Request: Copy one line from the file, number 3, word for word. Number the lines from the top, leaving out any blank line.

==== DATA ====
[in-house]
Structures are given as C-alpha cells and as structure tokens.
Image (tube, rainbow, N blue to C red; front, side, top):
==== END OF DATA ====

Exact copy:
Image (tube, rainbow, N blue to C red; front, side, top):